SIBU­SISO has barely been able to speak since the night his son died. At Luyanda’s fu­neral he broke down, first in the church and again at the ceme­tery. When he does speak, he’s filled with re­morse and talks of tak­ing his own life, says Luyanda’s mother, Siphiwe Khal­ish­wayo.

Luyanda, a Grade 11 learner, had been at­tend­ing even­ing classes at Fred Nor­man Sec­ondary School in En­nerdale while his dad waited out­side in the car in the dark. Sibu­siso held his bleed­ing son in his arms be­fore help­ing him into the car and rush­ing him to Le­na­sia Hospi­tal. But it was too late and doc­tors pro­nounced him dead on ar­rival.

Siphiwe (42) doesn’t blame her ex-part­ner for al­legedly tak­ing her son’s life. “I had to plead with him not to com­mit sui­cide be­cause he has other chil­dren. If he died, who would fend for them?”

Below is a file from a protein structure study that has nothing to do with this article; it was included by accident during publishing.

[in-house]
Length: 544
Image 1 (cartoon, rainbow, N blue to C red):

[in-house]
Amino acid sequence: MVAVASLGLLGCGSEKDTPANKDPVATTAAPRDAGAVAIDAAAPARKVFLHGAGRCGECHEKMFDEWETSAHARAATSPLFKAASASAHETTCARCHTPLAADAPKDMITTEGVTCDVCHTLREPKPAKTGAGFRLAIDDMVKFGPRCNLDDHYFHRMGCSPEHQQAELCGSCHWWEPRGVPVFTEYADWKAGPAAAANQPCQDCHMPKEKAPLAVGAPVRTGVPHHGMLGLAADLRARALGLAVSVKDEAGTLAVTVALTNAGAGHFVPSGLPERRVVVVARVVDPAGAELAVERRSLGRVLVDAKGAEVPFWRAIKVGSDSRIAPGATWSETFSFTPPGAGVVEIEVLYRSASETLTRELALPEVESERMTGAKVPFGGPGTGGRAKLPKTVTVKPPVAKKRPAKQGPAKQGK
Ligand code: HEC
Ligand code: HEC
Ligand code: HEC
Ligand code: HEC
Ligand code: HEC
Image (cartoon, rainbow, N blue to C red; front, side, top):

Sibu­siso’s wife and Luyanda’s step­mother, Si­bongile (47), com­forted her hus­band when he broke down in court and says the bul­let that pierced the boy’s heart has ripped a hole in the lives of the en­tire fam­ily. “Sibu­siso loved his son and Luyanda loved his fa­ther,” she says, speak­ing to us at the fam­ily home in Law­ley, south of Jo­han­nes­burg. “I can’t be­lieve this has hap­pened.”

Sibu­siso is else­where in the house, too dis­traught to meet us. Through his wife he re­lays a brief mes­sage: “I can’t talk to you.”

Luyanda was a sweet and so­cia­ble young man, Si­bongile says, and his fam­ily had high hopes of a bright fu­ture for him.